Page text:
About Fayette County
Fayette County was incorporated in 1824 and was originally included in what is now Lamar County, and stretched all the way to the Mississippi line. During the early years, the town of Fayette went through several transitions and was called several names including Frog Level and Depot Town. It was called Frog Level because it was located on the Sipsey River where many frogs could be heard serenading at sunset. The courthouse was relocated several times. The present courthouse was built in 1911.
Fayette County’s population is approximately 18,000 with 87 percent white, 13 percent black and 0.5 percent Hispanic. There are 7 educational outlets in the county and 56.6 percent of the adult population are high school graduates.
Cotton, soybeans and corn are the major agricultural crops in the county. Quarry tile, latex gloves, truckbeds, sewing, hardwood flooring and lumber production are major industries in the county. Tourist attractions in the county include Guthrie Smith Park, an arts and crafts festival, two historic bed and breakfast homes and a historic courthouse.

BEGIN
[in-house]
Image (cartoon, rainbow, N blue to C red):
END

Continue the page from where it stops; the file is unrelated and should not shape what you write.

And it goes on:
The Extension Staff in Fayette County includes an Extension Coordinator, an Administrative Assistant, an EFNEP (Expanded Food and Nutrition Education Program) Agent Assistant, a 4-H Agent Assistant, a Regional Extension Agronimist and a Regional Extension 4-H Agent. There are also eleven other Regional Agents who serve Fayette County with a broad range of subject matter expertise. There are approximately 50 volunteers who help with Extension programs. Some of these popular programs in the county include forestry management, Master Beef Cattle, Master Gardeners, home-based business, breast cancer awareness, NEP and minority forestry field day. There are about 700 youth involved in 4-H.